We have been seeing several instances of students’ suicide or even parents’, due to their inaccessibility. In Tripura, a daily wage labourer committed suicide because he couldn’t afford a mobile phone. In Howrah, West Bengal, there was another case because she couldn’t attend online classes. The digital divide is real, and it has already contributed to a precarious situation among the marginalised student community in India.

Our slogan is that online education must not be an alternative; at best, it can only be a temporary measure. SFI has conducted surveys among students of Delhi University and Punjab University regarding the viability and accessibility to online education. In all of those surveys, students were against online education and examinations, mainly due to inaccessibility. Delhi University recently conducted an open book examination online, with the help of Amazon. We must remember that this university has students from all over India, including the remotest areas. Therefore, such a hasty measure obviously contributes to the systematic exclusion of the marginalised. Recently, Google invested a huge amount of money in digital education. In the near future, they will probably monopolise the sphere of digital education with the support from the neoliberal governments all over the world, including India.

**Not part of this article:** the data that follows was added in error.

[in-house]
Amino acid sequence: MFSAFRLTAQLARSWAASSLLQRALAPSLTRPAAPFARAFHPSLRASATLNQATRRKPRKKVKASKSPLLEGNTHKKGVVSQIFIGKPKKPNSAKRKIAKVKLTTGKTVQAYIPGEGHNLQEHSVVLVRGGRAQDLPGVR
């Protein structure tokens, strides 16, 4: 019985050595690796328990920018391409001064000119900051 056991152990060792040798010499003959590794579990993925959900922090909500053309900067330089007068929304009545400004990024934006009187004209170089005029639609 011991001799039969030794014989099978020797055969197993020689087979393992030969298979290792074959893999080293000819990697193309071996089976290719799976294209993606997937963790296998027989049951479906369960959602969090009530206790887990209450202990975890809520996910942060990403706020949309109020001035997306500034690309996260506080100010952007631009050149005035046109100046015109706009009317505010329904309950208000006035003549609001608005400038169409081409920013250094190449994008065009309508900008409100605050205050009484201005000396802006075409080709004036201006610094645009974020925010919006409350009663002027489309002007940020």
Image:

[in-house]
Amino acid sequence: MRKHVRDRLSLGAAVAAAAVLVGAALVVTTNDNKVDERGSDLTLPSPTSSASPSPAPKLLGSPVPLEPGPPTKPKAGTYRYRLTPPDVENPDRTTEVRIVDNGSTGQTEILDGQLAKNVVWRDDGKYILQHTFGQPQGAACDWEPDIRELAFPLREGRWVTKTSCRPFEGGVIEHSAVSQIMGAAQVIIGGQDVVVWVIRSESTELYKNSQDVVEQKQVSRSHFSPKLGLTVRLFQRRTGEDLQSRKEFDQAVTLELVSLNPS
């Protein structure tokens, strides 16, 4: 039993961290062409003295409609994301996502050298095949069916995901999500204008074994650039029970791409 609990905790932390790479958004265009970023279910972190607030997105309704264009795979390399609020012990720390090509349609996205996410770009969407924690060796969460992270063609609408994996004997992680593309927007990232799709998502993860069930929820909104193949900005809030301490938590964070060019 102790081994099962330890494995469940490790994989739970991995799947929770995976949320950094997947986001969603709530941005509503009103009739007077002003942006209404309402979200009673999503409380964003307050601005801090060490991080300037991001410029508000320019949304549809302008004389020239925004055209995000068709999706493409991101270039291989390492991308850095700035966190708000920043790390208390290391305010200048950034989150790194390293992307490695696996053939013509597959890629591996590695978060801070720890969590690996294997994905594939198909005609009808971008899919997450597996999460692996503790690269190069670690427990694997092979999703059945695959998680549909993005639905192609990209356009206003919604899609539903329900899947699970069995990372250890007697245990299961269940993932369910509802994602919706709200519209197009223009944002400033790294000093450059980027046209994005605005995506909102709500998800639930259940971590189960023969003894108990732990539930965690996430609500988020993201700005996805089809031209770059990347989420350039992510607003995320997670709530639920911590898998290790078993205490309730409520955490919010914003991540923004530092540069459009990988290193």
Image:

Kerala, again, is on a different path. It is the only state where about 13 lakh students took a state-wide examination observing COVID-19 protocols and naturally, not a single student was infected. No other state has the infrastructure and commitment to take such a mammoth effort. As I have mentioned, we have a government at the centre which massively subsidises the wealthy and helping them to become wealthier, while consistently cutting down the expenditure on public education and health.

One of the most ignored, yet most important problems that will get aggravated in this period is gender violence in domestic spaces. We are a country with one of the lowest girl students’ gross enrolment ratio, which will decline further due to the pandemic. Along with it, girls and women are exposed to domestic abuses of various kinds, while being locked up in their homes with their abusers. There has already been a dramatic increase in cases of domestic violence ever since the beginning of lockdown. When SFI organised a Twitter campaign in July against gender violence, there was a tremendous response, indicating the graveness of the issue. We don’t have an IT cell or a troll army, but there still was enormous participation in the campaign because women from everywhere are facing various kinds of abuse. In addition, it is speculated by experts that child marriage and child labour among girls will also rise during this situation, unless the state intervenes.

DP: What are your thoughts on the future of education and the student movement in a post-pandemic world?

MB: In this new crisis, the neoliberal-Hindutva regime is trying to control our knowledge and capture our mind. This crisis situation has been effectively used to expand surveillance over the citizens and to crush dissent. All sorts of anti-people policies are getting implemented during this health emergency, most important of them being the relaxation of labour laws, NEP and EIA. They have also been arresting political activists, student leaders and intellectuals and all other dissenting voices. They are using this situation to curb growing discontent and resistance against the regime that got solidified as part of the anti-CAA struggles. In Pondicherry University, the administration has denied fellowship to students who took part in protests against fee hikes and CAA.